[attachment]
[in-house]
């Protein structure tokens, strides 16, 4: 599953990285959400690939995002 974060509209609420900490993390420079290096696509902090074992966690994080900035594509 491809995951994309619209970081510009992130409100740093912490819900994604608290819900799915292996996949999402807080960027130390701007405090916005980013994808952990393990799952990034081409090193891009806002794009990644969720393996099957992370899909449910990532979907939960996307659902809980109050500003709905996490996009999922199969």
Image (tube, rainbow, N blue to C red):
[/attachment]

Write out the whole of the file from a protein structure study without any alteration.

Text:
[in-house]
């Protein structure tokens, strides 16, 4: 599953990285959400690939995002 974060509209609420900490993390420079290096696509902090074992966690994080900035594509 491809995951994309619209970081510009992130409100740093912490819900994604608290819900799915292996996949999402807080960027130390701007405090916005980013994808952990393990799952990034081409090193891009806002794009990644969720393996099957992370899909449910990532979907939960996307659902809980109050500003709905996490996009999922199969």
Image (tube, rainbow, N blue to C red):